Efficacy of iron-supplement bars to reduce anemia in urban Indian women: a cluster-randomized controlled trial.

Journal Article (Journal Article)

Background: India's high prevalence of iron-deficiency anemia has largely been attributed to the local diet consisting of nonheme iron, which has lower absorption than that of heme iron.Objective: We assessed the efficacy of the consumption of iron-supplement bars in raising hemoglobin concentrations and hematocrit percentages in anemic (hemoglobin concentration <12 g/dL) Indian women of reproductive age.Design: The Let's be Well Red study was a 90-d, pair-matched, cluster-randomized controlled trial. A total of 361 nonpregnant women (age 18-35 y) were recruited from 10 sites within Mumbai and Navi Mumbai, India. All participants received anemia education and a complete blood count (CBC). Random assignment of anemic participants to intervention and control arms occurred within 5 matched site-pairs. Intervention participants received 1 iron-supplement bar (containing 14 mg Fe)/d for 90 d, whereas control subjects received nothing. CBC tests were given at days 15, 45, and 90. Primary outcomes were 90-d changes from baseline in hemoglobin concentrations and hematocrit percentages. Linear mixed models and generalized estimating equations were used to model continuous and binary outcomes, respectively.Results: Of 179 anemic participants, 136 (76.0%) completed all follow-up assessments (65 intervention and 71 control participants). Baseline characteristics were comparable by arm. Mean hemoglobin and hematocrit increases after 90 d were greater for intervention than for control participants [1.4 g/dL (95% CI: 1.3, 1.6 g/dL) and 2.7% (95% CI: 2.2%, 3.2%), respectively]. The anemia prevalence at 90 d was lower for intervention (29.2%) than for control participants (98.6%) (OR: 0.007; 95% CI: 0.001, 0.04).Conclusions: The daily consumption of an iron-supplement bar leads to increased hemoglobin concentrations and hematocrit percentages and to a lower anemia prevalence in the target population with no reported side effects. This intervention is an attractive option to combat anemia in India. This trial was registered at clinicaltrials.gov as NCT02032615.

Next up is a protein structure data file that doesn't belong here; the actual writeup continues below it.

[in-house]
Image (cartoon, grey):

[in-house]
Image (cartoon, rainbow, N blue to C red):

Full Text

Duke Authors

Cited Authors

  • Mehta, R; Platt, AC; Sun, X; Desai, M; Clements, D; Turner, EL

Published Date

  • March 2017

Published In

Volume / Issue

  • 105 / 3

Start / End Page

  • 746 - 757

PubMed ID

  • 28100507

Electronic International Standard Serial Number (EISSN)

  • 1938-3207

International Standard Serial Number (ISSN)

  • 0002-9165

Digital Object Identifier (DOI)

  • 10.3945/ajcn.115.127555


  • eng